Melvyn Levitsky is a professor of international policy. He served as Assistant Secretary of State for International Narcotics Matters in 1989-93 and had a seat on the Vienna-based International Narcotics Control Board in 2003-12.
The federal government has decided not to enforce federal law making marijuana illegal in the states of Colorado and Washington where recent referenda purportedly legalized marijuana. The implication is varied. The Constitution says federal law is supreme, that means it must be enforced throughout the territory of the United States, and we have the Controlled Substances Act, which declares marijuana illegal throughout the territory.
I'm concerned about the federal government cherry-picking federal law, deciding which federal laws it's going to enforce. For example, it decided to enforce federal law against the state of Arizona, which passed laws concerning illegal immigrants. The second thing I'm concerned about is the meaning of international law since we are obligated, as are almost every country in the world, to carry out the provisions of the three international drug conventions and the constitution says that the obligations under those treaties are the supreme law of the land is as well.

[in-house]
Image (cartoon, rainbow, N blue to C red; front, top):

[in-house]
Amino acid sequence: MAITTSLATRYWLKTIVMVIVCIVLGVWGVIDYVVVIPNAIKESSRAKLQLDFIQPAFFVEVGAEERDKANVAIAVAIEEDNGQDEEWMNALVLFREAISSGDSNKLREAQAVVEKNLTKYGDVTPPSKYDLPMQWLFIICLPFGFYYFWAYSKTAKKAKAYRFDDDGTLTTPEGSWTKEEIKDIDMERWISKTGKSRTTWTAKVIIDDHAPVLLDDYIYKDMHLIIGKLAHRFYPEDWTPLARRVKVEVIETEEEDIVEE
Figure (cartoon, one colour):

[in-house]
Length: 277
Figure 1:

Treaties are important to us not just the three drug controlled conventions, but all treaties. If we decide that we're going to ignore our treaty obligations, which under treaty law you're not supposed to do, you're supposed to conform to your law to the treaties that you sign. Then what does this mean for other treaties -- such treaties as the non-proliferation treaty, a variety of treaties having to do with the environment and with human rights? And what does that mean in terms of the image of the United States? I think this is a major concern that has to be met by the federal government and answered by the federal government. It hasn't done so yet.